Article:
for participating today. So we have reached the
question and answer portion. To submit a question to our presenter please send it to [email protected] We will be looking for those questions and reading them out loud. All participants will remain
in listening mode only during this time. So give it a minute to submit questions. All right so we have a first question. You discuss a lot of
useful tips for prosecutors when meeting with survivor
families pretrial. What advice can you give to prosecutors when you get all the way to trial and the verdict is not ideal? How do you work with victim families after the verdict is read
to manage their emotions, their disappointment,
and possibly their anger at getting a lesser included offense or maybe even a not guilty verdict? – [Bill] That’s a really good question. And I didn’t even think to put it in here. At this point if you’ve done all of this, you’ve got a relationship
going with the family. And I know at least here in Mecklenburg we don’t always try our own cases. So it may be that I’ve
got two other prosecutors from my team that are trying the case. And it may be that the original prosecutor who has the relationship with the family wasn’t even the one that’s trying it. But we try to make sure that
we have effective hand offs so that we’re kind of
transferring the relationship from the assigned ADA to the trial ADA. And you’re going to have a lot
of time with these families while the jury is deliberating. If you were honest with them when you had your plea offer meeting, and you discussed the strengths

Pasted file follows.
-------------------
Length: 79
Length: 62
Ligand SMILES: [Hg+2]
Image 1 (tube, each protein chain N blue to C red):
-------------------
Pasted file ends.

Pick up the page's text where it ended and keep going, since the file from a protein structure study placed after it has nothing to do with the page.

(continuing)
and weaknesses of the case, you discussed the possibility
that it could result in something less than
first degree murder. So I think being honest with them about the facts early on will help you. I think during that break
while the jury is deliberating, you could reiterate the
possibilities for that. You know the tough thing is when you get a verdict like that, it’s disappointing to you
as well as the family. Not only are you concerned
about the family, but you’re kind of dealing
with your own emotions. I think you just have
to go back to relying on the number one thing
you have to do is care. And if you genuinely care I think that’s going to take you a
long way in figuring out the right words to say to the family. Unfortunately I don’t have any good quotes for you to use today. But just care and understand their pain. They’re going to be your top priority even though you may be
disappointed as well. Probably not as good
an answer as you wanted but I hope it was at least something. – [Allie] Thank you Bill. We’ll give it another minute to see if any additional questions come in. And as a reminder for
everybody on the line. If we’re unable to get
to your question today or you think of your
question after the fact, please don’t hesitate to send
it in to the BJANTTAC box and we will get you the
answer to your question via email later. We will also be sending participants a copy of the presentation
in a follow up email. – [Bill] I think I answered
everybody’s question in my presentation. – [Allie] I think so. – [Bill] Yeah, got ahead of things. – [Allie] All right,
well thank you everybody for joining us today. We’re getting close to four o’clock so we’ll start to wrap things up. As I mentioned before, if
you think of your question and would like to submit
it after the presentation please feel free to do so. And we’ll go ahead and
share the presentation out in a follow up email as well. Thank you everybody and
have a great afternoon.